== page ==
As Fela is the heart and soul of this show, you don’t get to know the other named characters that well. Perhaps the most identifiable is Funmilayo, Fela’s mother, played by Melanie Marshall. Marshall portrays Funmilayo with inner strength, and has a remarkable singing voice and presence. As Sandra, Paulette Ivory also gives a strong performance—although again is it more through presence, singing, and dance than through traditional dialogue and non-dance interaction. Rounding out the named characters are Ismael Kouyaté as Ismael, Gelan Lambert as J.K. Braimah (Tap Dancer) and Egungun, and Jonathan Andre (substituting for Rasaan-Elijah “Talu” Green) as Djeme-‘Mustafa’. All were strong dancers.
The visual strength and beauty of Fela comes from its dancing ensemble, which consists of Sherinne Kayra Anderson, Cindy Belliot, Nande Bhebhe, Catia Mota da Cruz, Jacqui Dubois, Oneika Phillips, Thierry Picaut, Jermaine Rowe, Daniel Soto, Jill Marie Vallery, Iris Wilson, Aimee Graham Wodobode, and (as we had both swings performing), Wanjiru Kamuyu and Adé Chiké Torbert (substituting for Nicole Chantal De Weever and Poundo Gomis). All of these talented men and women were great dancers—I have no idea where they find the energy to do what they do on stage every night. They were just a pleasure to watch.
[All actors are members of Actors Equity ]
Also onstage—and doing a remarkable job—was the band. The band consisted of Aaron Johnson (Conductor/Trombone/Keyboard), Greg Gonzalez (Asst. Conductor/Drums), Jeff Pierce (Trumpet), Jeremy Wilms (Bass/Keyboards/Percussion), Ricardo Quinones (Guitar/Percussion), Bryan Vargas (Guitar/Percussion), Yoshihiro Takemasa (Congas/Percussion), Alex Harding (Baritone Saxophone/Percussion), Morgan Price (Tenor Saxophone/Percussion), Dylan Fusillo (Percussion). Music coordination was by Aaron Johnson, who also developed any additional music with Jordan McLean.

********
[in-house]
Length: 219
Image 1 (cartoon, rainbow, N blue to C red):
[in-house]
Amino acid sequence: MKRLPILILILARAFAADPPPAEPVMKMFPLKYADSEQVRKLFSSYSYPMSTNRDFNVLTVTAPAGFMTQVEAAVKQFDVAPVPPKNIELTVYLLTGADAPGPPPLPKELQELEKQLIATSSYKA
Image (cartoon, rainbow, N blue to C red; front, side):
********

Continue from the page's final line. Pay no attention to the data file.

The production was directed and choreographed by Bill T. Jones, who also developed the book of the production. Jim Lewis also worked on the book, as well as providing additional lyrics. Primary music and lyrics were by Fela Anikulapo-Kuti. Maija Garcia was the creative director and associate choreographer. Niegel Smith was the associate director.
Turning to the technical: Scenic and costume design were by Marina Draghici and were remarkable—particularly the costumes. Lighting was by Robert Wierzel, with projections by Peter Nigrini. Both were key to the presentation: I particularly liked the use of gobos to create mood and light the audience, and the projections—especially during the attack on the compound—were particularly effective and moving. I will note that some were difficult to see from the side boxes where we were sitting. Sound was by Robert Kaplowitz. Wigs, hair, and makeup (which were very effective) were by Cookie Jordan. Todd Frank was the technical supervisor. John M. Atherlay was the production stage manager; Alex Burke and William Gilinsky were the stage managers.
Upcoming Theatre, Concerts, and Dance: “Fela” was our last performance in 2011; hopefully, you enjoyed our 2011 theatre season and the reviews. January will bring the “Art” at the Pasadena Playhouse on January 28. February is busier. It begins at Van Nuys High School, with the Senior and Alumni Dance performances on February 2-3. “God of Carnage” at ICT Long Beach follows on February 5. The next weekend sees us in Thousand Oaks for “Ring of Fire” at Cabrillo Music Theatre on February 11. The third weekend takes us to Saugus for “Jewtopia” at REP East. February concludes with “Old Wicked Songs” at the Colony Theatre. March is equally busy, beginning with “How to Succeed in Business without Really Trying” at Van Nuys High School (March 2-3 and 8-10; we’re likely going on 3/2), and Bernadette Peters in concert at the Valley Performing Arts Center on March 3. March should also bring “American Idiot” at the Ahmanson, and “Journey’s End” at REP East. March will conclude with Tom Paxton in concert at McCabe on 3/31. Continuing the look ahead, April will bring “Billy Elliot” at the Pantages, the Southern California Renaissance Faire, “Once Upon a Mattress” at Cabrillo, and “Dames at Sea” at the Colony. As always, open dates are subject to be filled in with productions that have yet to appear on the RADAR of Goldstar or LA Stage Alliance.
Music: You’re A Good Man, Charlie Brown (1967 Original Off-Broadway Cast): Kite